How to Gauge the Audit Department?

By Arif Zaman , Head of Internal Audit, Emaar Industries & Investments, UAE


Lead by example – Audit yourself before auditing others!

Internal Audit (IA) Department is no different than any other department in the organization. There are things which influence the performance of the IA department, some are controllable factor and some are not but there are always ways to improve the performance of the IA department by enhancing its process maturity.


“I have been approached by many internal auditors, the first concern they raise is about the budget constraint but in this article, I shall be stating that this could be only one factor but there are numerous other factors by which the internal audit functional maturity can be enhanced.”


Now the question arises how to gauge the process maturity of the IA department? The answer is simple, it can be done in many ways such as by benchmarking your audit function with other good performing companies’ IA department or If you are working within a large Group, then benchmark can be done within the Group by comparing to other Group entities’ Internal Audit set-up and their practices.

I usually take a slightly different approach. I choose to benchmark my audit activities with the Institute of Internal Auditors (IIA) proposed Internal Audit Maturity Assessment Model.


What is IIA Internal Audit Maturity Model?

The maturity model helps in positioning the future state of the internal audit department. The IIA Internal Audit Maturity Assessment Model is a self-assessment tool that provides levels of ambition and concrete best practices that can serve as guidelines for the Head of Internal Audit to formulate strategic objectives, evaluate the current internal audit function and define a road map to achieve the stated objectives. 


Rating on a Scale of 1 to 5

The IIA Internal Audit Maturity Model encompasses five levels. Each level describes the characteristics and capabilities of the internal audit activity. The five levels of the internal audit maturity model are initial, define, implement, managed and optimized.

  1. Initial – Internal audit is ad hoc or unstructured, few processes are defined, and practices are performed inconsistently.
  2. Define – Internal audit basic practices and procedures are performed on a regular and repeated basis.
  3. Implement – Internal audit policies and procedures are defined, documented and integrated into each other.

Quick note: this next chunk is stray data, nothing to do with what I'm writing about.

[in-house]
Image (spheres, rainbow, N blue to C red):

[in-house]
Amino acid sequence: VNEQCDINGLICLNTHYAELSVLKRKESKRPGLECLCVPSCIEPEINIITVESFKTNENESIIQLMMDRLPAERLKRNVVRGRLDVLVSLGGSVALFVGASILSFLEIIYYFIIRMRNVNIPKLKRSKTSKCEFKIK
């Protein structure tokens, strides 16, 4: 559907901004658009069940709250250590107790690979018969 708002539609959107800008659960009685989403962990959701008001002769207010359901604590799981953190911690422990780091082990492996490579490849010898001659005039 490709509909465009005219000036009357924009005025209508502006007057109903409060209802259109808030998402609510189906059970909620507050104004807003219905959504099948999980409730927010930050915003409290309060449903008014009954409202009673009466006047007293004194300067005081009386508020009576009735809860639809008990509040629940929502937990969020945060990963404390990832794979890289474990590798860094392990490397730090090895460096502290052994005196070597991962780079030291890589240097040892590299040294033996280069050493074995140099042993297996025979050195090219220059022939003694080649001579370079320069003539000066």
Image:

4. Managed – Internal audit becomes an integral part of the organization’s governance and risk management practice.
  5. Optimized – Internal audit focuses on learning for continuous improvement to enhance the capability.


Criteria to Rate Each Activity

The detailed level assessment, pertaining to IIA’s standards requirement with an example (current state case of IA Department), is given below:


Based on the above assessment, you can easily draw a table (fig.1) depicting the status of each standard (IPPF) requirement against the current practice in the IA Department between 1 to 5. In the end, you can simply sum up the total scores and divide the total by 60 (12 standards X 5 levels) and then by multiplying with 5 (scale of 5) to obtain overall rate. Based on the above assessment, the overall rate of the department process maturity on a scale of 1 to 5 lies at 1.75

Fig.1 – Internal Audit Process Maturity (Current State)

In the above case study, the IA Department maturity falls at a level 2 (Define) means the IA Department has basic practices and procedures that are performed on a regular and repeated basis.

The average rating for any internal audit department should be at least 3 (Implement) on the scale of 1 to 5. 



The Internal Audit Maturity Model shows the steps in progressing from a level of internal auditing typical of a less established organization to the strong, effective, internal audit capabilities generally associated with a more mature and complex organization.

Reference Material: Benchmarking Internal Audit MaturityInternal Audit Ambition Model

Arif Zaman